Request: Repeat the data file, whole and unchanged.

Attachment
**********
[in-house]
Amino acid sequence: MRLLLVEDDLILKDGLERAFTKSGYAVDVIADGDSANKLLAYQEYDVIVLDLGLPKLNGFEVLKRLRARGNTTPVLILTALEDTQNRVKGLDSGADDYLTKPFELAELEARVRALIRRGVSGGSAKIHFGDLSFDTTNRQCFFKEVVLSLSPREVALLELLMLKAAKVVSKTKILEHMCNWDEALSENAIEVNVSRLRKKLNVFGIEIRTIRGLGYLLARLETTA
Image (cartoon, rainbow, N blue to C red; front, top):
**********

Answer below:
[in-house]
Amino acid sequence: MRLLLVEDDLILKDGLERAFTKSGYAVDVIADGDSANKLLAYQEYDVIVLDLGLPKLNGFEVLKRLRARGNTTPVLILTALEDTQNRVKGLDSGADDYLTKPFELAELEARVRALIRRGVSGGSAKIHFGDLSFDTTNRQCFFKEVVLSLSPREVALLELLMLKAAKVVSKTKILEHMCNWDEALSENAIEVNVSRLRKKLNVFGIEIRTIRGLGYLLARLETTA
Image (cartoon, rainbow, N blue to C red; front, top):